I’m not an athlete. I hate running. I’m not flexible. I’m not fast. I know I’ll never be an Olympian. But I love sports. I scream at the TV during tennis matches and I adopt every superstition as I watch a baseball game. And, every 2 years I lock myself down for 2 weeks to watch the Olympics.
I consider myself a knowledgeable person, but even I’m continually impressed by the sports I’ve never heard: Steeplechase, curling, handball. I’m fascinated by the 204 countries that participate in the games, half of which I’ve never heard of: Brunei, Comoros, Kiribati, Palau, Nauru, Vanuatu.
I can’t begin to describe my outrage at NBC’s coverage of the 2012 Olympic Games in London. Spotty, choppy, and more than a bit self-promotional. I’m an American. I enjoy watching American athletes compete. I enjoy rooting for Americans in all the different sports. But, the Olympics aren’t just about American athletes. They’re about athletes from across the world coming together, for two short weeks, and putting aside their global differences to not just compete, but to promote diversity in sports and across the world.
Thanks to NBC, these Olympics didn’t feel very diverse. I rarely saw an event that didn’t have an American in it. I rarely saw foreign athletes spotlighted. Only during rare circumstances did NBC dare to show me the Russian, Romanian, Chinese, or Japanese athletes during the Gymnastics competitions. Too much time was spent showing me every single heat and semi-final for swimming or track that featured Americans, instead of showing me other sports, ones I may not be familiar with, that were won by athletes from other countries. The host country of Great Britain won 29 gold medals, but I’m certain I only saw maybe three of the competitions they won. NBC has failed to remember that the Olympics aren’t just about who wins and who loses, about who’s American and who’s not. They’re about the world. They’re about the trials and hardships that so many athletes face in order to become an Olympian.
Aside from the obvious stories, like South African double amputee Oscar Pistorius, NBC rarely told me why I should be rooting for the athletes. Previous years coverage gave had more feature pieces on individuals from multiple countries. I could learn about the daunting injuries and the economic challenges they have faced. There WERE athletes who struggled with racial and gender discrimination. There WERE athletes who faced life threatening injuries. There WERE athletes achieving age-defying feats. But, I only knew it after the fact.
In previous years I was taught about the city and the country that hosted the Olympics. London is not as foreign to most Americans as China or Australia but, NBC should have taught me what I didn’t know. They should have taken me back into history. They should have shown me the 4 different and distinct regions in the United Kingdom. They should have taken me into the various neighborhoods of London. They should have used their role as reporters to reiterate the Olympic theme of internationalism. But, after two weeks I learned little, and I still don’t know what the Olympic mascot even looked like.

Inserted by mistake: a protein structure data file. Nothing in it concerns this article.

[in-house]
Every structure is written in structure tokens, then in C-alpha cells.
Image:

At times I was even disgusted with the lack of courtesy given to athletes who failed to medal or meet expectations. When Jordyn Weiber failed to qualify for the All-Round gymnastics competition, NBC chose to keep the camera on her, as she cried and came to grips with her new reality. As they interviewed the two USA qualifying gymnasts, they continually panned to her. They followed her. They showed a teenage girl heartbroken and they did it in a way that was disgusting. They did the same thing to the Russian gymnasts two days later as the team collapsed and missed out on clinching the gold medal. They did the same thing to USA’s Morgan Uceny after she tripped on the track during the Women’s 1,500m and failed to finish. It’s one thing to acknowledge an athlete’s disappointment; it’s another to exploit it.
Perhaps my biggest frustration with NBC’s Olympic coverage was its choppiness. At no point in time was I given the opportunity to sit and watch one sport. The coverage was mixed. One minute I was watching swimming, the next I was watching gymnastics, the next it was back to swimming or track. Not all viewers enjoy all sports. But, NBC forced viewers, wanting to see one sport to see every sport, to wait for the conclusion of what they wanted to see, with little indication of when they would return to that venue. They broke up sports, to show uneventful semi-finals that happened to feature American athletes. If I were watching live coverage it would be one thing. But, this was pre-tapped.
My frustration reached its peak last night while I watched the closing ceremony. A chance to celebrate a successful London Olympics, with English musicians and artists. Until 10pm I was surprised and pleased. And then NBC did the unthinkable. They broke into their PRE-TAPPED coverage, postponing the performance of The Who, to show me a preview of a new fall show. NBC spent at least an hour, before showing the closing ceremony, recapping American victories during the games. Had NBC shortened their commentary, had they considered the potential implications of diverting viewer attention for an hour, then they could have shown The Who before promoting their own program and stopped thousands of viewers from turning off the TV. The atrocity doesn’t stop. I learned this morning that they also failed to show approximately 8 songs including this year’s Olympic theme performed by Muse and a song performed by a member of the Kinks.
I enjoy sports. So I will probably continue tuning into the Olympics every two years, but perhaps NBC should not only be concerned with the critiques of their Olympic coverage, they should be ashamed of it.